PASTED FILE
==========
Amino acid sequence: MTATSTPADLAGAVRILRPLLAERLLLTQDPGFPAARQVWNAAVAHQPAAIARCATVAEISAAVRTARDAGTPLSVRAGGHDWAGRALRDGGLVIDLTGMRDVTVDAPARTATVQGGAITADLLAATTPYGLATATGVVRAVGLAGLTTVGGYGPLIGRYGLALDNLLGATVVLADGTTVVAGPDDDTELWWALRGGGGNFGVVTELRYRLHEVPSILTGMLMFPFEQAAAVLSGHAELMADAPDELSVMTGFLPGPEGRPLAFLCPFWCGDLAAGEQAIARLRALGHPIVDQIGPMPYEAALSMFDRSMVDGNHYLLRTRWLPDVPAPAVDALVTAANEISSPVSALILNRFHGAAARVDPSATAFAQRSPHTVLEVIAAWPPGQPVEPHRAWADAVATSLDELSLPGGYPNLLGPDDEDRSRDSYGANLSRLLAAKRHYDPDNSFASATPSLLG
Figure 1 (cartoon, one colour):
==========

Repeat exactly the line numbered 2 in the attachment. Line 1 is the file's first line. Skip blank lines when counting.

Figure 1 (cartoon, one colour):